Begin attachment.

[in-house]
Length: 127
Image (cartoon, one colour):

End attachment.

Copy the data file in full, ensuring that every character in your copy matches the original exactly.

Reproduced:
[in-house]
Length: 127
Image (cartoon, one colour):